by Gus Iversen
, Editor in Chief | October 05, 2022
From the October 2022 issue of HealthCare Business News magazine
HCB News: How are you spending your time these days, now that you've retired?
Retirement so far is great... I miss the thrill of working on innovative new products that will make a difference clinically and operationally. I don't miss the stress of the constant 90-day cycle that unfortunately characterizes a lot of our business world. I am on a couple boards and I'm volunteering in a number of philanthropic initiatives with my wife Lynne, that we are finding very fulfilling. We are especially enjoying trying to help the significant refugees — Ukrainian, Afghan, Latin American, etc. – find a footing in our country.
HCB News: Any big picture predictions for the future of the healthcare industry?
I have a brother who never weighed more than 160 pounds... ate carefully his whole life... exercised everyday religiously... but has bad cardiac genes (I, unfortunately, have the same genes). He had a massive heart attack at 60. He's on an LVAD (Left Ventricular Assist Device) which has basically taken over the pumping of his heart. It's a miraculous device and he wouldn't be here without it so we are very grateful. What he needs, though, is a wireless, tubeless LVAD or a heart transplant! The capacity of potential transplant hearts is way too small. Who's going to develop organ generating tools for hearts, kidneys, etc.? Wow... what an innovation that would be. And it's hard to imagine that we eventually couldn't do it much cheaper than a transplant. Well, that's a bit out of our field of cancer, but something that's personal to me right now.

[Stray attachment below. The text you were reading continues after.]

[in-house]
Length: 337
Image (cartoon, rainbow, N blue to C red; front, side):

I remain firmly committed to the belief that healthcare is an innovation game. It's a fair criticism that sometimes we innovate for innovation’s sake without a clear way of paying for the innovation or measuring its clinical impact. More and more though, I think the MedTech world and its customers are doing a much better job of gathering evidence to demonstrate the benefit of innovation. We need to do more of it. We have to find ways to make a better clinical impact at a lower provider and patient cost.
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